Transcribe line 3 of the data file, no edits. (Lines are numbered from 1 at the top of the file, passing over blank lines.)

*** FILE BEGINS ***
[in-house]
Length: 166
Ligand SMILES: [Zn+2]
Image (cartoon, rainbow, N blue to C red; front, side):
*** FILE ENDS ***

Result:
Ligand SMILES: [Zn+2]